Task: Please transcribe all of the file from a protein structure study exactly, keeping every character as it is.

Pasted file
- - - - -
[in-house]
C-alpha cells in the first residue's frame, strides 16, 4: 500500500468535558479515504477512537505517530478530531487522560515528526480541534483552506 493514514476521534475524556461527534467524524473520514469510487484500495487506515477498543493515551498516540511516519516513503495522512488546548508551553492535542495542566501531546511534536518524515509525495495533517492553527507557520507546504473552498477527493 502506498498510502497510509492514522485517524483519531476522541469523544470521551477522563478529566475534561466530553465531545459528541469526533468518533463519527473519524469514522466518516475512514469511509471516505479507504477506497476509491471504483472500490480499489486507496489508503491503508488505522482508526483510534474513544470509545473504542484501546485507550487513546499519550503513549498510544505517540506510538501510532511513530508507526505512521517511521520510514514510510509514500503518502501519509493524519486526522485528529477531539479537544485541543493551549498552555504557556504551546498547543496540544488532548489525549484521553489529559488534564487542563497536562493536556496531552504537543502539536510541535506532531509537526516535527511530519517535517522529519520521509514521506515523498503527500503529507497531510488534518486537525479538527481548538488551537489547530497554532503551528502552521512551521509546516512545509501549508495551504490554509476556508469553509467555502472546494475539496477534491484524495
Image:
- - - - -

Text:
[in-house]
C-alpha cells in the first residue's frame, strides 16, 4: 500500500468535558479515504477512537505517530478530531487522560515528526480541534483552506 493514514476521534475524556461527534467524524473520514469510487484500495487506515477498543493515551498516540511516519516513503495522512488546548508551553492535542495542566501531546511534536518524515509525495495533517492553527507557520507546504473552498477527493 502506498498510502497510509492514522485517524483519531476522541469523544470521551477522563478529566475534561466530553465531545459528541469526533468518533463519527473519524469514522466518516475512514469511509471516505479507504477506497476509491471504483472500490480499489486507496489508503491503508488505522482508526483510534474513544470509545473504542484501546485507550487513546499519550503513549498510544505517540506510538501510532511513530508507526505512521517511521520510514514510510509514500503518502501519509493524519486526522485528529477531539479537544485541543493551549498552555504557556504551546498547543496540544488532548489525549484521553489529559488534564487542563497536562493536556496531552504537543502539536510541535506532531509537526516535527511530519517535517522529519520521509514521506515523498503527500503529507497531510488534518486537525479538527481548538488551537489547530497554532503551528502552521512551521509546516512545509501549508495551504490554509476556508469553509467555502472546494475539496477534491484524495
Image: